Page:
Exotic Embezzling: Investigating Off-Book Fraud Schemes

By Buckhoff, Thomas; Clifton, James | The CPA Journal, September 2003 | Go to article overview

Exotic Embezzling: Investigating Off-Book Fraud Schemes


Buckhoff, Thomas, Clifton, James, The CPA Journal


For obvious reasons, cash is the asset most often stolen by dishonest employees. Fraudsters typically target cash as it enters or leaves the business. Thoroughly understanding the controls and procedures in place for processing cash flowing through a business is of primary importance when conducting a fraud examination. Inadequate cash flow controls, especially over substantial amounts, allow dishonest employees to divert cash into their own pockets. Understanding these controls allows investigators to generate ideas, known as fraud theories, that describe how someone could steal cash from the organization without getting caught. These ideas can be categorized as either on-book or off-book fraud schemes.

Historically, law enforcement and financial investigators are reluctant to investigate off-book fraud schemes due to their lack of direct, documentary evidence. The case study below illustrates various methods effectively used to detect and investigate off-book fraud schemes. Such indirect methods include financial statement analysis, undercover surveillance, invigilation, and admission-seeking interviews.

On-Book and Off-Book Fraud Schemes

Cash larceny involves the theft of cash after it has appeared on a company's books. Such schemes are called on-book frauds because an examination of the victim company's records can easily reveal the cash shortage. Here, the company typically knows that a theft has occurred. On-book frauds can be categorized as billing, payroll, expense reimbursement, check tampering, or register disbursement schemes.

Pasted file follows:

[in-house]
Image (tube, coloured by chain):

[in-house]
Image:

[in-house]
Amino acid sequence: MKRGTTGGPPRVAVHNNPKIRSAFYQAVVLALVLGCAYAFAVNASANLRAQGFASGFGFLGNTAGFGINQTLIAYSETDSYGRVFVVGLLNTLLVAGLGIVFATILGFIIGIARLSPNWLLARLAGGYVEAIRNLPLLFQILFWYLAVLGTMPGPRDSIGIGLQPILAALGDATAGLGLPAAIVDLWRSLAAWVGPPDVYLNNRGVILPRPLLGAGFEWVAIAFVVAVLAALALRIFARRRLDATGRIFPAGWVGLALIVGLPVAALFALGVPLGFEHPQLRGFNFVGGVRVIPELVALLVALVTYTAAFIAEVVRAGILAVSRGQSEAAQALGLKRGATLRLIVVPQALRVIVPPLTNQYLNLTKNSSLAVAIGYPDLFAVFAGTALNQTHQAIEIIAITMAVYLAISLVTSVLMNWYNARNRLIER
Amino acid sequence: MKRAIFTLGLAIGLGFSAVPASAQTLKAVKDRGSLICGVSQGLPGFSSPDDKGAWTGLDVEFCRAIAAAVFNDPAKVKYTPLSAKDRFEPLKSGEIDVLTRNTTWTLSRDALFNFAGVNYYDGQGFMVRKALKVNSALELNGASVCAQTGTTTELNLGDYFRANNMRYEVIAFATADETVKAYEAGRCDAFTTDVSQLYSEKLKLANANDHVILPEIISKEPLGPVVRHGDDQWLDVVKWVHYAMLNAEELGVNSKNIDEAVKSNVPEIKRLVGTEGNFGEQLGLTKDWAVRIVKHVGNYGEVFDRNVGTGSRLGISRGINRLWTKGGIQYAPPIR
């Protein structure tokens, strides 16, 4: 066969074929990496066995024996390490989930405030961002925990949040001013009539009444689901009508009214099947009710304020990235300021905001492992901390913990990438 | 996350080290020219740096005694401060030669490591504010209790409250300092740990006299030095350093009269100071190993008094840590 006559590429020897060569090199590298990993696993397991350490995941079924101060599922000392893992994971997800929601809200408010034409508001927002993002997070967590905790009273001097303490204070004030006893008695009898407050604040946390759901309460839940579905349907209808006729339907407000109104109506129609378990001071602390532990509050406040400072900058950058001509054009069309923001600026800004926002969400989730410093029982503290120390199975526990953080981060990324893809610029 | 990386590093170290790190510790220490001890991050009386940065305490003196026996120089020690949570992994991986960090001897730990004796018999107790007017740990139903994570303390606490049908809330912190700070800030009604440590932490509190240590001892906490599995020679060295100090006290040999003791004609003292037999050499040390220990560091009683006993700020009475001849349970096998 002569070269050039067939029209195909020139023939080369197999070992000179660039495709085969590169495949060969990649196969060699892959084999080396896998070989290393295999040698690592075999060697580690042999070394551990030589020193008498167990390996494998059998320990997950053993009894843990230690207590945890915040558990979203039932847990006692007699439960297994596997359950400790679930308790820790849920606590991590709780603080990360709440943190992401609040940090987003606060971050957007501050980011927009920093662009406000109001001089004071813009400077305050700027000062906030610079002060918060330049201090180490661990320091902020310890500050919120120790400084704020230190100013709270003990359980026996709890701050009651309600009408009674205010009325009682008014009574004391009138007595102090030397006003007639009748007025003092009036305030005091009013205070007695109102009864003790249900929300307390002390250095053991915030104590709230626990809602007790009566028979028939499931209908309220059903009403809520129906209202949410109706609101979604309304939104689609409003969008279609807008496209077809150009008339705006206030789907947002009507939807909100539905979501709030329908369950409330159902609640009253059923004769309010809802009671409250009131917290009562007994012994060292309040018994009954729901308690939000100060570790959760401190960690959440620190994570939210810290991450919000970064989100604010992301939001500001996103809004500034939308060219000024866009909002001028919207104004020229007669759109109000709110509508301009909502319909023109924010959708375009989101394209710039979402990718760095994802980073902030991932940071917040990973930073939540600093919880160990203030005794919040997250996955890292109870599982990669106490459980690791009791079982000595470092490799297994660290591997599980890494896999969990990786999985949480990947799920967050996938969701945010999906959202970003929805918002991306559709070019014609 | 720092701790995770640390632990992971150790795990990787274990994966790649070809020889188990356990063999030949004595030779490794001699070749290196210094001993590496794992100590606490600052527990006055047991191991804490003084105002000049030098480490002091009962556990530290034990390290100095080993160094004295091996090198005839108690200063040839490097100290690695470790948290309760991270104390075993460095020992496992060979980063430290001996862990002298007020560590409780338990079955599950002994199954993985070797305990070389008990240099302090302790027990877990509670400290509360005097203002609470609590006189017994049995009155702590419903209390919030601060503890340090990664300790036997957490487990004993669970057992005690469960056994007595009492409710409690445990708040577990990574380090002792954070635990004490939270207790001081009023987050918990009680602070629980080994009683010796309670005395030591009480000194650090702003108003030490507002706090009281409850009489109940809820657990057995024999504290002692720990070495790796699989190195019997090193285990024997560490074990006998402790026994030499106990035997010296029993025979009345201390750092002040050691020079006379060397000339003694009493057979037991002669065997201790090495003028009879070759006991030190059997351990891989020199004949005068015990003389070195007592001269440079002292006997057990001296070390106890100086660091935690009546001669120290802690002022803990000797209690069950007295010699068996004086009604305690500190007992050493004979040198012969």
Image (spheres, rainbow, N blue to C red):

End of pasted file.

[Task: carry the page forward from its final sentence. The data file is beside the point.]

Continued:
Skimming is an example of an off-book fraud, which involves theft of incoming cash before it enters the accounting records. Thus, no record of the fraud exists on the company's books. Skimming typically entails selling goods or services to a customer, collecting the customer's cash payment, and making no record of the sale. The victim generally does not know that a theft has occurred. Off-book frauds cannot be detected by examining the company's books and records and generally are categorized as skimming, unrecorded sales, understated sales and receivables, or theft of checks through the mail.

Case Study: Northern Exposure

Northern Exposure (all names in this case study have been changed) was a gentleman's club featuring exotic dancers. Its primary revenue sources were cover charges and food, beer, and liquor sales. A recent local ordinance outlawed the type of entertainment offered by Northern Exposure. The club's manager, however, successfully petitioned the city council to obtain an exemption, and Northern Exposure was allowed to continue operations in a competition-free environment. The substantial effort by the manager on the club's behalf earned her the owner's trust and loyalty. In the initial fraud investigation interview, the owner said that anyone could be a suspect-except the manager.

Because of the exemption, the club's profit potential was enormous. Northern Exposure generated huge amounts of incoming cash, because no credit cards or checks were accepted. However, a huge risk existed that employees would figure out a way to divert incoming cash into their own pockets.

Larry Swenson, Northern Exposure's owner, was not satisfied with the 10% margins being realized. He engaged two certified fraud examiners to determine why the club was not generating the 35% margins he had expected. They embarked upon a typical fraud examination, whose steps include understanding cash controls, generating fraud theories, collecting and evaluating evidence, estimating losses, assisting in filing claims or bringing charges, and making recommendations.

Understanding Cash Flows

By interviewing Swenson and other personnel, the fraud investigators learned that cash flowed into the business as follows:

Customers paid a $6 cover charge to enter the club. No receipt was given, nor was a head count made. Customers placed orders for food or beverages with the servers. …

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